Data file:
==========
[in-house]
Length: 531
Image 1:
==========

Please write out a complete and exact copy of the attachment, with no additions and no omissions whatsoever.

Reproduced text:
[in-house]
Length: 531
Image 1: